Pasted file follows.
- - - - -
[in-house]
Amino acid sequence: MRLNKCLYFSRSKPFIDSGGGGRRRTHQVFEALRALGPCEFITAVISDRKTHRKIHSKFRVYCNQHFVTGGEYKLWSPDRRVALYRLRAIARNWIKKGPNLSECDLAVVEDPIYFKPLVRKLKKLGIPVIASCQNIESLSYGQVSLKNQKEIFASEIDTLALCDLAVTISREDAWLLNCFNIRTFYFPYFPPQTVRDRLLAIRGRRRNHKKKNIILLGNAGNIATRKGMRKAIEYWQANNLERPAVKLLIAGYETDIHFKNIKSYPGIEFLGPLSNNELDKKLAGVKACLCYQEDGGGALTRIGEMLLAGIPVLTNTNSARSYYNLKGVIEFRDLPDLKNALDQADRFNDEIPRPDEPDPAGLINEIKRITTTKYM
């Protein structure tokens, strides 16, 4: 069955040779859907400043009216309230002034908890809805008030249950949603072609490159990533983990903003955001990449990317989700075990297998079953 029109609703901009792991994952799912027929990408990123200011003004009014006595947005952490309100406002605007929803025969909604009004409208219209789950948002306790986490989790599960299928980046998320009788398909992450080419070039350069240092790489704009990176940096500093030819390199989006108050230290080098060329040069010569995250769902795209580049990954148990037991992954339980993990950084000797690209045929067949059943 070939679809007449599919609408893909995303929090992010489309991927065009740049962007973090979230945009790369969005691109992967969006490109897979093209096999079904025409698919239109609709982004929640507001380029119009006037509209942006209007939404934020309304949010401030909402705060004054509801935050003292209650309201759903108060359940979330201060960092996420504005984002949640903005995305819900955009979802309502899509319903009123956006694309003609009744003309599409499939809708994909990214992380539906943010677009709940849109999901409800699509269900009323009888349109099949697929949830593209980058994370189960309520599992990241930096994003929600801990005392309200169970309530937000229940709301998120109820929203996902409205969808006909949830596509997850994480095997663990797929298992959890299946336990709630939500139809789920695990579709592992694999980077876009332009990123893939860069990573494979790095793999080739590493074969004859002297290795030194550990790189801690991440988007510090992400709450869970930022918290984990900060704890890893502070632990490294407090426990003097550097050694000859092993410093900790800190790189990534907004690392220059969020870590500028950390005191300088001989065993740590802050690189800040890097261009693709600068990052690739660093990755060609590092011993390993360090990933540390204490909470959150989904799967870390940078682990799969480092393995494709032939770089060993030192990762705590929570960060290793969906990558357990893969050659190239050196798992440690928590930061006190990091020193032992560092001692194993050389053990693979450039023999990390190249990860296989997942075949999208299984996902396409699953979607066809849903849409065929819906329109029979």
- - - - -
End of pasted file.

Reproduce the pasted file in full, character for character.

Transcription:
[in-house]
Amino acid sequence: MRLNKCLYFSRSKPFIDSGGGGRRRTHQVFEALRALGPCEFITAVISDRKTHRKIHSKFRVYCNQHFVTGGEYKLWSPDRRVALYRLRAIARNWIKKGPNLSECDLAVVEDPIYFKPLVRKLKKLGIPVIASCQNIESLSYGQVSLKNQKEIFASEIDTLALCDLAVTISREDAWLLNCFNIRTFYFPYFPPQTVRDRLLAIRGRRRNHKKKNIILLGNAGNIATRKGMRKAIEYWQANNLERPAVKLLIAGYETDIHFKNIKSYPGIEFLGPLSNNELDKKLAGVKACLCYQEDGGGALTRIGEMLLAGIPVLTNTNSARSYYNLKGVIEFRDLPDLKNALDQADRFNDEIPRPDEPDPAGLINEIKRITTTKYM
């Protein structure tokens, strides 16, 4: 069955040779859907400043009216309230002034908890809805008030249950949603072609490159990533983990903003955001990449990317989700075990297998079953 029109609703901009792991994952799912027929990408990123200011003004009014006595947005952490309100406002605007929803025969909604009004409208219209789950948002306790986490989790599960299928980046998320009788398909992450080419070039350069240092790489704009990176940096500093030819390199989006108050230290080098060329040069010569995250769902795209580049990954148990037991992954339980993990950084000797690209045929067949059943 070939679809007449599919609408893909995303929090992010489309991927065009740049962007973090979230945009790369969005691109992967969006490109897979093209096999079904025409698919239109609709982004929640507001380029119009006037509209942006209007939404934020309304949010401030909402705060004054509801935050003292209650309201759903108060359940979330201060960092996420504005984002949640903005995305819900955009979802309502899509319903009123956006694309003609009744003309599409499939809708994909990214992380539906943010677009709940849109999901409800699509269900009323009888349109099949697929949830593209980058994370189960309520599992990241930096994003929600801990005392309200169970309530937000229940709301998120109820929203996902409205969808006909949830596509997850994480095997663990797929298992959890299946336990709630939500139809789920695990579709592992694999980077876009332009990123893939860069990573494979790095793999080739590493074969004859002297290795030194550990790189801690991440988007510090992400709450869970930022918290984990900060704890890893502070632990490294407090426990003097550097050694000859092993410093900790800190790189990534907004690392220059969020870590500028950390005191300088001989065993740590802050690189800040890097261009693709600068990052690739660093990755060609590092011993390993360090990933540390204490909470959150989904799967870390940078682990799969480092393995494709032939770089060993030192990762705590929570960060290793969906990558357990893969050659190239050196798992440690928590930061006190990091020193032992560092001692194993050389053990693979450039023999990390190249990860296989997942075949999208299984996902396409699953979607066809849903849409065929819906329109029979």